Gallery: EPA Demands BP Stop Using Toxic Dispersants, They Won’t Comply


As we all know, the oil spill in the Gulf of Mexico has not yet been contained and has finally reached the Gulf Coast shoreline. Last week, after some careful monitoring of the depths of the Gulf the Environmental Protection Agency (EPA) ordered BP to halt the use of the chemical dispersant, Corexit, which they were using to break up massive amounts of oil. The EPA now believes that Corexit is highly toxic, so BP was given 24 hours to find new, less harmful solution. BP responded by saying that Corexit isn’t as toxic as they think, and after giving a vague explanation told the EPA that they were just going to keep on using it because it’s working fine.

Workers in the Gulf are struggling to cover the entire coastline in a barrier to keep oil from washing ashore and after this latest chemical saga, it seems they’ll be protecting us from BP’s solutions as well. The label for Corexit notifies the user that it will irritate eyes and skin if it comes in contact with them,  and warns that it is not to be inhaled and could harm red blood cells, kidney or liver if swallowed. One could assume that if this is the effect it has on humans, the fish and wildlife in the Gulf will react much the same. The EPA actually initially approved Corexit for use, but after BP dumped upwards of 700,000 gallons of the noxious concoction into the waters, the EPA rescinded its approval. The EPA based this latest decision on the depleted oxygen levels in the deep gulf waters. Depleted oxygen levels are lethal to all living organisms.

The EPA ordered BP to find another available chemical that has less harmful effects and to start using the new chemical within 4 days of receiving the order to end Corexit use. Now BP has, in a lengthy letter, explained to the EPA that they’re wrong. Corexit is the best solution for this issue. It’s not as toxic as the EPA thinks and that, oh, by the way they, “have an inventory of 246,380 gallons of COREXIT that are available for immediate use, and the manufacturer is able to produce an additional 68,000 gallons/day, which is sufficient to meet all anticipated dispersant needs at this site.” So now that they’ve got it, they might as well use it. They also note that they did find some other less toxic solutions, but they can’t get their hands on them. So they’re just going to keep using this dangerous chemical to fight the dangerous plumes of oil.

The EPA’s real reaction to this is not known at the moment. Though they did say they will, “continue to work over the next 48 hours to ensure BP is complying with the directive.” Super duper guys. This whole disaster clean-up process seems to be going just perfectly. The oil has been spilling for a month now. So, another 48 hours can’t hurt.


+ EPA detailing of dispersant directive


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  1. DepressedOverSpill June 24, 2010 at 11:53 am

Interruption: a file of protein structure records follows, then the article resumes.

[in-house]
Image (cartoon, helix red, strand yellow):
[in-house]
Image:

Please for the love of our earth’s creatures and the world we live on, USE THE ORGANIC METHOD TO CLEAN THIS!!!! I’m sooooo damned angry that the lives of so many rely on the corporate corruption taking place; whereby the company providing the chemical dispersants is making a profit off of this and most likely kicking paybacks to BP. Come on Obama, speak up! Please stop this!!!

  2. Scant Evidence That Dis... June 17, 2010 at 1:56 pm

    […] exclusively also appears unfounded. The EPA has approved the use of 81 dispersants and has asked BP to use less […]

  3. perfectcirclecarpenter May 25, 2010 at 3:16 am

    A Totally Safe And Completely Organic Way To Clean Up The Oil In The Gulf Of Mexico…

  4. edmundhaley May 24, 2010 at 12:38 pm

    I would like to take the opportunity to make the public and BP aware that Nanotechnology Products already exist for such clean-up situations, as the one this nation presently faces in the Gulf of Mexico.

    Green Earth Technologies sells a product line called, G-MARINE Fuel Spill Clean-UP! (NANO Emulsion Technology) Non-Toxic Oil Dispersant. G-MARINE Fuel Spill Clean-UP! is a unique blend of plant derived, water based and ultimate biodegradable ingredients specifically formulated to quickly emulsify and encapsulate fuel and oil spills. These plant derived ingredients are processed to form a colloidal micelle whose small particle size (1-4 nanometers) enables it to penetrate and breakdown long chain hydrocarbons bonds in oils and grease and holds them in a colloidal suspension when mixed with water. Once oil has been suspended in a nano-colloidal suspension, there is no reverse emulsion; the oil becomes water soluble allowing it to be consumed by resident bacteria in the water. This dispersant formula is protected by trade secrets pursuant to Occupational Safety and Health Agency (OSHA) Standard CFR-1910 1200. The ingredient list has been reviewed by the US EPA and contains no ingredients considered hazardous by OSHA.Recent

    Press Release:

    Green Earth Technologies Website:

    I am attempting a grass-roots approach, because I believe the company, this product to be quite beneficial, not only for this recent crisis, but mother earth as a whole going forward. Thank you for you time and patience.

    Maurice Johnson

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